Rediscovering a Renoir in 'Giselle's Remix' at the Clark Art Insititute in Williamstown


WILLIAMSTOWN -- Sterling Clark acquired his first Renoir painting in 1916 ("Girl Crocheting") for $20,000 -- considered a bargain at the time -- and collected Renoir's work over the course of his own lifetime, amassing one of the most impressive private collections of Renoir in the world.

While much of the Clark collection -- including some of the better-known Renoir works -- remain overseas traveling around Europe, there is a silver lining for those dipping into the Clark on a cold, winter afternoon: Some of these left-behind lesser-known works stand out a bit more without their more famous brothers and sisters getting all the attention.

s a case in point, take "View at Guernsey," a bright, vividly colorful landscape that Renoir completed on a visit to the Channel Islands of the west coast of Normandy in the late 19th century. While visiting there in September and October in 1883, Renoir completed many studies of bathers and visitors along the beaches, according to a very informative and inexpensive book sold at the museum, "The Genius of Renoir: Paintings from the Clark" by John House; Renoir also managed to complete four different landscapes while "on holiday," and the "View at Guernsey" is one of them.

Apparently this view of the southeastern tip of the island was a gentle stroll near the main town of St. Peter Port, where Renoir was reported to have stayed. Given all the recent attention to Victor Hugo's "Les Miserables" of late, it's perhaps an interesting footnote that Guernsey was where the French author, Hugo, was exiled (1855-1870), and he set his novel "Les Travailleurs de la mer" on the island.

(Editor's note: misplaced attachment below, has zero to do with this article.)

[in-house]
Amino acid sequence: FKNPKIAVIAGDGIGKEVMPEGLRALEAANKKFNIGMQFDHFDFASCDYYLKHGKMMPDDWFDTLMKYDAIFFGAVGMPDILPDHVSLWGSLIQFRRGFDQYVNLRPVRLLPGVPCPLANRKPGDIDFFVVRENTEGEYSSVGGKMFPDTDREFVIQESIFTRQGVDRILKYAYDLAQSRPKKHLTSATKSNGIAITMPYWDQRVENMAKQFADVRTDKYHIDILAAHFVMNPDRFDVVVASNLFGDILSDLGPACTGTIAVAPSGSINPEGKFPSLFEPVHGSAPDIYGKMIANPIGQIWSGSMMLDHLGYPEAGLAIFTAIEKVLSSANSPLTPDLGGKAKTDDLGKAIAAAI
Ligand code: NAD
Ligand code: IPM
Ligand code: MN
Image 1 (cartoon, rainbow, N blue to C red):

Back at the Clark, where the painting now hangs as part of 11-year-old Giselle Ciulla's guest-curated show, the work immediately draws the eye. Despite its rather modest size -- 46 x 55.7 cm -- and the interesting and eclectic selection of other works around it, Renoir's landscape of bright blue sky and ocean, contrasted with the long, grassy hills, almost pops, demanding attention even from across the room.

The texture and soft focus of Renoir's oil on canvas landscape gives the viewer the feeling that he is on this walk with the artist. Though Renoir finished the painting in the fall, it feels more like a brisk, windy but sunny late spring day. Perhaps it was too windy and cold on that day to invite others, as there isn't a hint of another creature in the painting.

Despite the absence of all humanity, the view doesn't feel at all desolate or lonely. While the colors of the view are limited to green, brown, blue and white, the shades of the blues and greens give the feel of standing in a bright, cheerful, inviting day. All these various and subtle hues also give the work a three-dimensional quality, a sense that we are in this scene, not out looking in. We almost forget that we're looking at a painting at all.

The French-born Renoir, who was born in 1841 and died in 1919, would have been in his early forties when he painted "View at Guernsey." He would have been at the peak of his powers, just before he moved from his impressionistic period to an experimental phase of somewhat more realistic work and technical precision -- best exemplified in a painting he completed just two years later, "Bather Arranging Her Hair," where the figure of the near-naked woman in the foreground is rendered with such care as to be able to practically see her individual eyelashes.

In contrast, there's a much more casual, spontaneous feel to how the clouds in the sky of "View at Guernsey" are rendered. According to House, he painted initially with a palette knife before more carefully working over the canvas with a brush.

Five years after the completion of "View at Guernsey," Renoir was diagnosed with rheumatoid arthritis. Though the condition did little to slow his output, it would impact his later painting style. Near the end of his life, he had to tie his paintbrushes to his gnarled fingers in order to be able to hold them. Still, he continued to paint almost every day until his death in December of 1919, just three years after Clark purchased his first Renoir.


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